China and Vietnam must strengthen their political ties, Chinese President Xi Jinping said Friday during a visit to Hanoi, despite rival territorial claims in the South China Sea stoking tensions between the neighbours.
“Vietnam and China need to cooperate with each other in a complicated world,” Xi told Vietnam’s National Assembly on the second and last day of his visit, the first by a Chinese head of state in a decade.
“Vietnam and China need to catch the chance to build community and the Asian destiny, through it, promoting the common human destiny,” he continued.
China and Vietnam share some cultural roots and a more recent communist political tradition, but Xi’s visit comes as Beijing’s claims in the South China Sea are causing concern, and as Hanoi is growing closer to the United States and its regional allies.
Uncontentious issues dominated Xi’s visit. Twelve agreements were signed, on cultural exchanges, tourist development, construction loans from Chinese banks for highway and rail projects, and aid from Beijing to support education and health care initiatives.
The diplomatic returns would take longer to assess, experts said.
“The ultimate test will not be listening to what Xi Jinping says, but what he does in the South China Sea,” said Jonathan London of the City University of Hong Kong.
“It’s status quo for the time being, but actions speak louder that words,” he told dpa.
Vietnam called for a code of conduct to resolve the dispute with China in the South China Sea, the Foreign Ministry said.
Such cooperation, London suggested, could involve energy and mineral exploitation, but would do little to counter the mistrust from China’s recent infrastructure building and territorial claims across the South China Sea, in areas claimed by Vietnam and others.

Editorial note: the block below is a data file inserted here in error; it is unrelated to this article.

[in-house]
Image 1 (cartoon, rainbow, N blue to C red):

On one reef in the Spratly islands, China has invested “probably hundreds of millions of dollars into this man-made, military-ready island,” including runways, London said.
China’s claims were back in the headlines last week after the US sent a navy vessel to less than 12 nautical miles (22 kilometres) off an artificial reef built up by the Chinese, demonstrating Washington’s non-recognition of it as Chinese territory.
The South China Sea tensions were discussed on Friday in Luxembourg by European and Asian foreign ministers taking part in a two-day ASEM meeting – China among them.
EU foreign policy chief Federica Mogherini, who chaired the meeting, described the talks as “open” and “constructive.”
“This is one of the points on which some of the actors around the table have … very different positions, conflicting positions I would say. But this didn’t prevent us from having a respectful and constructive exchange,” she said.
A statement endorsed by participants in the ASEM talks said that ministers had “reaffirmed their commitment to maintaining peace, promoting maritime security and stability, safety and cooperation, freedom of navigation and overflight and unimpeded lawful commerce.”
They also agreed on “the critical importance of refraining from the use or threat of force, of abstaining from unilateral actions and of resolving maritime disputes through peaceful means in accordance with … international law,” the text said.
Though general, the statement is an achievement since there was the risk of “not having a common ground at all,” Mogherini argued.
Last year, deadly anti-China protests broke out in Vietnam after Beijing towed an exploration rig into its exclusive economic zone. At least one Vietnamese boat was rammed and sunk before China withdrew the rig.